Fermentation biotechnology: industrial yeasts
The development of yeast strains affording better performance or to be used in new applications is a growing industrial demand. In particular, the development of commercial yeast with enhanced cold tolerance and freeze resistance has a great economic interest. Hence, a better understanding of the principles underlying the adaptation and tolerance mechanisms is a key factor for industrial strain selection. The exposure to low temperatures in S. cerevisiae activates signalling cascades that modify processes and cellular structures. Between them, the regulation of the physico-chemical properties of the plasma membrane determines in turn the activity of many proteins localized in it. However, we are far for understanding the molecular basis of such effects and of the functionality of the membrane at low temperature. In this scenario, our group makes emphasis on analysing MAPK pathways implied in the cold response, concretely the HOG and PKC.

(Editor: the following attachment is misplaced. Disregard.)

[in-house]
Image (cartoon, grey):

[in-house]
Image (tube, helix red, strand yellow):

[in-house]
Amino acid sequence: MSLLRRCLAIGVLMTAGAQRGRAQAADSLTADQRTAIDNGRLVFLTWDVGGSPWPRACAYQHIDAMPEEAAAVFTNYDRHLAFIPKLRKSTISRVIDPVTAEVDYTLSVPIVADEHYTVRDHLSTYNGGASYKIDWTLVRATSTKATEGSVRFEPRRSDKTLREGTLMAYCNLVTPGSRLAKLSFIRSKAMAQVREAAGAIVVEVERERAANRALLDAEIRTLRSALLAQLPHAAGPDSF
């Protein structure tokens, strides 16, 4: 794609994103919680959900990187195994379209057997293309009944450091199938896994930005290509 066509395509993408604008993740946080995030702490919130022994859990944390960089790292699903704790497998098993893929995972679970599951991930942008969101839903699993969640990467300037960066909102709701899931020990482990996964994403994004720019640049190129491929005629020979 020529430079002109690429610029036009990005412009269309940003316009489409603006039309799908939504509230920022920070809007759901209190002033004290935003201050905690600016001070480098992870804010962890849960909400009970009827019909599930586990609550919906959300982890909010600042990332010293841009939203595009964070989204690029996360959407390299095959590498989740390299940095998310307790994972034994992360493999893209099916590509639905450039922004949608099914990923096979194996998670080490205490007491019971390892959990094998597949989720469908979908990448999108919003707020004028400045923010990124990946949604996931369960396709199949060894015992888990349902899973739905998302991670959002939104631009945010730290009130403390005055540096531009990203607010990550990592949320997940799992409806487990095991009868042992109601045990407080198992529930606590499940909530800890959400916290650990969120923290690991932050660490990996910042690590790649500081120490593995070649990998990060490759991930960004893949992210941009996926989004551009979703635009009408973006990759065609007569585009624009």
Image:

1. To increase our knowledge about signalling mechanism at low temperatures, focussing in plasma membrane functionality and protein translation in this stress conditions.
2. To apply in yeast genetic engineering tools, for improving the production of metabolites that modifies food organoleptic characteristics or their stress resistance to industrial processes.
3. To isolate and characterize non-Sachamyces yeast with potential application in the industry.